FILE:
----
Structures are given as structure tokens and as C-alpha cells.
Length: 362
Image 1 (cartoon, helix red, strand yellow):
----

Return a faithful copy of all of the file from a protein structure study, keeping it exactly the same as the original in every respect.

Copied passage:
Structures are given as structure tokens and as C-alpha cells.
Length: 362
Image 1 (cartoon, helix red, strand yellow):